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Bidirectional associations between depressive and anxiety symptoms and loneliness during the COVID-19 pandemic: dynamic panel models with fixed effects

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posted on 2022-01-06, 15:00 authored by Cillian P. McDowell, Jacob D. Meyer, Daniel W. Russell, Cassandra S. Brower, Jeni E. Lansing, Matthew P. Herring
Background: Understanding the direction and magnitude of mental health-loneliness associations across time is important to understand how best to prevent and treat mental health and loneliness. This study used weekly data collected over 8 weeks throughout the COVID-19 pandemic to expand previous findings and using dynamic panel models with fixed effects which account for all time-invariant confounding and reverse causation. Methods: Prospective data on a convenience and snowball sample from all 50 US states and the District of Colombia (n = 2,361 with ≥2 responses, 63.8% female; 76% retention rate) were collected weekly via online survey at nine consecutive timepoints (April 3–June 3, 2020). Anxiety and depressive symptoms and loneliness were assessed at each timepoint and participants reported the COVID-19 containment strategies they were following. Dynamic panel models with fixed effects examined bidirectional associations between anxiety and depressive symptoms and loneliness, and associations of COVID-19 containment strategies with these outcomes. Results: Depressive symptoms were associated with small increases in both anxiety symptoms (β = 0.065, 95% CI = 0.022–0.109; p = 0.004) and loneliness (β = 0.019, 0.008–0.030; p = 0.001) at the subsequent timepoint. Anxiety symptoms were associated with a small subsequent increase in loneliness (β = 0.014, 0.003–0.025; p = 0.015) but not depressive symptoms (β = 0.025, −0.020–0.070; p = 0.281). Loneliness was strongly associated with subsequent increases in both depressive (β = 0.309, 0.159–0.459; p < 0.001) and anxiety (β = 0.301, 0.165–0.436; p < 0.001) symptoms. Compared to social distancing, adhering to stay-at-home orders or quarantining were not associated with anxiety and depressive symptoms or loneliness (both p ≥ 0.095). Conclusions: High loneliness may be a key risk factor for the development of future anxiety or depressive symptoms, underscoring the need to combat or prevent loneliness both throughout and beyond the COVID-19 pandemic. COVID-19 containment strategies were not associated with mental health, indicating that other factors may explain previous reports of mental health deterioration throughout the pandemic.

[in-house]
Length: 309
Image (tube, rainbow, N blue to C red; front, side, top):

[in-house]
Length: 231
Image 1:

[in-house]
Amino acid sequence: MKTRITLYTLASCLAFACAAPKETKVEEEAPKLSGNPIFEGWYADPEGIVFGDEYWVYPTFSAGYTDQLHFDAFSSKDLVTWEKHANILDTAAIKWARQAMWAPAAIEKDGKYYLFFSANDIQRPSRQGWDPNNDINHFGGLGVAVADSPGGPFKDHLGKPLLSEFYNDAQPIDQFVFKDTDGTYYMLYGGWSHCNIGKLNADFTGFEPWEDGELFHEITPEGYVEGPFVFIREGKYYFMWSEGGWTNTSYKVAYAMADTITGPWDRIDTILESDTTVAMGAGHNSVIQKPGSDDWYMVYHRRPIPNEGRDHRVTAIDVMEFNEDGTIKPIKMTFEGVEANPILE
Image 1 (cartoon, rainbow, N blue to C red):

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Frontiers in Psychiatry;12, article 738892


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